Tour de Yorkshire 2017 helps cement Bradford’s reputation as a city that loves cycling


Bradford is often overlooked when it comes to Northern cities in favour of Leeds and Manchester. As someone who grew up on the border of North and West Yorkshire I have a fondness for the city – not least for its world class National Science & Media Museum, Pictureville Cinema and healthy craft beer scene. But it turns out it’s also a great city for cyclists, too.

It is a fantastic time for cycling in the Bradford district. The hugely successful Stage Three of the Tour de Yorkshire started in the multi-award winning City Park in Bradford City Centre on Sunday. It took in around 60 kilometres of beautiful Bradford countryside and included three of the eight UCI classified climbs of the stage. These were the 25% gradient Cote de Silsden, the famous cobbled setts of Haworth Main Street on the Cote de Haworth, not to mention the energy sapping 2.1km climb of Cote de Leeming.

 Early estimates from race organisers Welcome to Yorkshire suggested that around one million people lined the streets of Stage Three, according to City of Bradford Metropolitan District Council.

Tour de Yorkshire 2017
Riders battle up one of Stage 3’s toughest climbs. The Bradford district was home to three of the eight UCI classified climbs of the stage. Photo courtesy of

It’s too early to say what the economic impact of the Tour de Yorkshire has been, although Welcome to Yorkshire will be compiling a countywide evaluation of the event which will make for some interesting reading.

Communities in the district pulled out all the stops to celebrate by holding events and decorating their towns, villages, streets and neighbourhoods, many with the help of Bradford Council by way of small community grants, logistical support and advice from council officers.

Many communities and organisations not directly on the TDY route still found a way to be involved by knitting and making mile upon mile of bunting, getting creative and producing artwork and flags, and lining the route on race day.

It’s estimated that more than 6km of bunting was used to decorate the route, 200 yellow plastic ducks floated in the Mogul Gardens in Lister Park and three giant ducks were painted along the road in Addingham in special permanent road-marking paint to be shown on TV across the globe to over 175 countries.

The Annual Women & Cycling Conference

City of Bradford MDC is keen to point out that the cycling fun in the city doesn’t stop at the Tour de Yorkshire: the momentum has continued this week with the role of women in cycling being championed at the third annual Women and Cycling Conference. The conference is being attended by women from across the district and beyond and seeks to encourage more women and girls to start cycling. The conference is being attended by Tour de Yorkshire winner, Olympic medallist, Commonwealth and World Champion local girl Lizzie Deignan. Also attending the event is ITV4 Bike Show presenter and cycling blogger, Jools Walker.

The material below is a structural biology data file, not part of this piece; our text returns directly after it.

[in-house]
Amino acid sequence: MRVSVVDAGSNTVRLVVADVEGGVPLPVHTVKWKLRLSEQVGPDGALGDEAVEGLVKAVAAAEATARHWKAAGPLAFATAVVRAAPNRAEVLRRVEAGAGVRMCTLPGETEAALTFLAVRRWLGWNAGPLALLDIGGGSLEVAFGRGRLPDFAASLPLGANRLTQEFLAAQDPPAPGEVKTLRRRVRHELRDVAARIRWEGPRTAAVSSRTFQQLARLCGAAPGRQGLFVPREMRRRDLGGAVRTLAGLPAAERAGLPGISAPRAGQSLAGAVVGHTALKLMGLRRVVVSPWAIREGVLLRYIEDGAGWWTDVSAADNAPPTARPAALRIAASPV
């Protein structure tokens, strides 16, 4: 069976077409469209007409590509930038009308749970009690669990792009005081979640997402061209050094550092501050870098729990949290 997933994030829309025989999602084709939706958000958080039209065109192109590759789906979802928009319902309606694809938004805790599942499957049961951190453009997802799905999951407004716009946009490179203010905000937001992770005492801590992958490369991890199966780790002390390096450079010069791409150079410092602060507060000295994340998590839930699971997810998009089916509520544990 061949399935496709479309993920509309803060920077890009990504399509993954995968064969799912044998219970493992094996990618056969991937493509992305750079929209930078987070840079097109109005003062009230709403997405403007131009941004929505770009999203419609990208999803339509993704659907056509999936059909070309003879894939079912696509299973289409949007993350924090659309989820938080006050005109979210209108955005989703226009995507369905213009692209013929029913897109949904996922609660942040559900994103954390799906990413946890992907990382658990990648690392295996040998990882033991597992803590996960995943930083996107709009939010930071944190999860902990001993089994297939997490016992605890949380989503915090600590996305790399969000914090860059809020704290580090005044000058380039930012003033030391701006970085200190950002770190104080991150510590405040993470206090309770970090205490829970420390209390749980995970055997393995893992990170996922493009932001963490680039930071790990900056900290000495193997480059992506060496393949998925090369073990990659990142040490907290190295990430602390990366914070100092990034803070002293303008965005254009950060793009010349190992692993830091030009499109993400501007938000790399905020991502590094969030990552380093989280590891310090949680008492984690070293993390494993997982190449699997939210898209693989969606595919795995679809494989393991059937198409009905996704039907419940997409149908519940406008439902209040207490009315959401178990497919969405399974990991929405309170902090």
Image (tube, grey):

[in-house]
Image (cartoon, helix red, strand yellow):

Cycle City Active City

Keeping up the cycling theme, Bradford will also be hosting the extremely popular Cycle City Active City conference on 11 and 12 May. The two-day conference will see delegates from across the country take part in discussions and workshops on all things cycling.

There will also be satellite events in City Park for members of the public to enjoy, including a Pedal-Powered Cinema showing Bradford-related films at 7pm on 11 May, a performance by Bicycle Ballet and an after party of musical performances featuring the Bradford Cycling Band 53-10.

Bradford City Cycle Event

A fun bicycle ride that is open to all will be held on May 14 at the Bradford City Cycle event which takes place on traffic-free roads in Bradford city centre.

The route winds its way through 2.5 mile loop of traffic free roads and people can start and finish at any point on the route. They can also do as many laps of the route as they like. The event has been designed so that anyone of any age, physical ability or cycling experience can have a go.

There will be a range of bikes and helmets for people to borrow if they don’t have their own, as well as adapted bikes for those with disabilities that mean conventional bikes are not accessible to them.

The city of Bradford is now also home to a cycling hub which aims to bring cycling to the fore with a programme of events and cycling themed activity that people can get involved in.

Bradford has more cycling clubs per population than anywhere else in the county and cycling continues to grow in popularity in the region.

Kersten England, Chief Executive of Bradford Council, said: “There really is a passion for cycling in our district. This was shown on Sunday for the start of Stage 3 of the Tour de Yorkshire.

“I’d like to thank everyone who made the event such a success. Hosting events like this take a tremendous amount of hard work and effort not just from communities, residents and businesses, but also from council staff and it really shows what we can do when we pull together.

“There is so much going on in the world of cycling in the district, so if you’ve been inspired by the success of the Tour de Yorkshire come along and get involved in the events that are planned over the coming weeks and months.

“Cycling is of great benefit to the city not just in terms proven health and wellbeing benefits, but also the social aspects of getting together both in hosting and taking part in cycling through events.

“The economic benefits of cycling in the district can not be missed – not just the spending power of people attending events but also the growth in cycling tourism and the boost to the amazing bike building and retail businesses we have in the district.”

For more information about cycling in the Bradford district visit